You can get over most moderate rocks and logs without stopping. You’re able to climb and go down steep rocky trails (e.g. Buckeye trail at Skyline Park in Napa). You are confident with technical singletrack climbing through rough and bumpy terrain (e.g. Bayview trail at China Camp).  You can ride down successive drops/steps in the trail (e.g. Tamarancho, Skyline Napa).  You may be able to do a front wheel lift to get over moderate obstacles and maneuver tight and steep descending turns on technical terrain. You may pump flow trails and you probably have a seat dropper post. You may enjoy riding Tamarancho, Skeggs, Soquel Flow trail, Cinderella trail at JMP, Diaz Ridge in Marin, and you may be contemplating a trip to Whistler, Moab or Park City!  

 

Advanced

You love long steep climbs, gnarly/rocky steep descents and you can easily get over large rocks, moderate to large logs, and you rock rock gardens. You may do a lot of downhill riding even downhill racing. You enjoy doing 3-4 foot drops and jumps. You may race Enduro or ride Northstar downhill runs. 

 

Expert/Pro

You race. You have a coach. You have sponsorship, you go crazy fast over everything.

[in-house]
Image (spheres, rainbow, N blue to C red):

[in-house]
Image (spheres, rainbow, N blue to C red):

FITNESS / AEROBIC ABILITY

Newbie

At a minimum you should be able to ride on flat terrain (e.g. Point Pinole, Carquinez Straits trail) without being out of breath. Enthusiasm for improving your fitness in order to better your mountain biking experience will help to move you to more advanced levels.  

 

Beginner

Can ride for 1-2 hours (approx. 8 miles) on flat to rolling terrain with stopping every 10-15 minutes (e.g. Wildcat trail at Wildcat Canyon). Can ride a slight to moderate non-technical uphill for 2 miles (e.g. up Brandon trail from the stone bridge to Red Tail, Old Briones Rd to the end of Valley trail at Briones) with stopping less than 1-5 times for 3-5 minutes each time. 

Strong Beginner